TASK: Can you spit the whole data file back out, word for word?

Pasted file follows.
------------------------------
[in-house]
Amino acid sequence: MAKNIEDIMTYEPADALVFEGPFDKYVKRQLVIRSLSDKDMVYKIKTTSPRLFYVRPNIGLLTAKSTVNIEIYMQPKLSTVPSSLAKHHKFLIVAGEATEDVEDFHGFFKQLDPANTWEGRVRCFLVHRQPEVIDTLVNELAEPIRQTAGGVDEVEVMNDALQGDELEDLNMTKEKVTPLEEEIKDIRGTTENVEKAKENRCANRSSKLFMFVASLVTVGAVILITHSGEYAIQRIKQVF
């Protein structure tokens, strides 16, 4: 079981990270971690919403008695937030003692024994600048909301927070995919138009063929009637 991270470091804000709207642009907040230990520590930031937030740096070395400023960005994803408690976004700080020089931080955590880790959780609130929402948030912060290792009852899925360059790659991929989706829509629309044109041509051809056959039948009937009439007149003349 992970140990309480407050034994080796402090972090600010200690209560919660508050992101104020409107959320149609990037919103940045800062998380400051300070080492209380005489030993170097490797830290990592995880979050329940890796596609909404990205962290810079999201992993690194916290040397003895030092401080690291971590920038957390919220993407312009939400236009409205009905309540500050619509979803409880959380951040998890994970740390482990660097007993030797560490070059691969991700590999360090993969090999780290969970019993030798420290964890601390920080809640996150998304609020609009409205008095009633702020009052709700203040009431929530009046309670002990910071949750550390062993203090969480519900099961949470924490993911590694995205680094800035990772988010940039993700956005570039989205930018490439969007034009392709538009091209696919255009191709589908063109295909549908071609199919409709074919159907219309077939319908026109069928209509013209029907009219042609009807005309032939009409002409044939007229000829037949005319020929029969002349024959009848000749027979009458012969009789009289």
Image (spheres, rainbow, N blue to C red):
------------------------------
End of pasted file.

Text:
[in-house]
Amino acid sequence: MAKNIEDIMTYEPADALVFEGPFDKYVKRQLVIRSLSDKDMVYKIKTTSPRLFYVRPNIGLLTAKSTVNIEIYMQPKLSTVPSSLAKHHKFLIVAGEATEDVEDFHGFFKQLDPANTWEGRVRCFLVHRQPEVIDTLVNELAEPIRQTAGGVDEVEVMNDALQGDELEDLNMTKEKVTPLEEEIKDIRGTTENVEKAKENRCANRSSKLFMFVASLVTVGAVILITHSGEYAIQRIKQVF
């Protein structure tokens, strides 16, 4: 079981990270971690919403008695937030003692024994600048909301927070995919138009063929009637 991270470091804000709207642009907040230990520590930031937030740096070395400023960005994803408690976004700080020089931080955590880790959780609130929402948030912060290792009852899925360059790659991929989706829509629309044109041509051809056959039948009937009439007149003349 992970140990309480407050034994080796402090972090600010200690209560919660508050992101104020409107959320149609990037919103940045800062998380400051300070080492209380005489030993170097490797830290990592995880979050329940890796596609909404990205962290810079999201992993690194916290040397003895030092401080690291971590920038957390919220993407312009939400236009409205009905309540500050619509979803409880959380951040998890994970740390482990660097007993030797560490070059691969991700590999360090993969090999780290969970019993030798420290964890601390920080809640996150998304609020609009409205008095009633702020009052709700203040009431929530009046309670002990910071949750550390062993203090969480519900099961949470924490993911590694995205680094800035990772988010940039993700956005570039989205930018490439969007034009392709538009091209696919255009191709589908063109295909549908071609199919409709074919159907219309077939319908026109069928209509013209029907009219042609009807005309032939009409002409044939007229000829037949005319020929029969002349024959009848000749027979009458012969009789009289």
Image (spheres, rainbow, N blue to C red):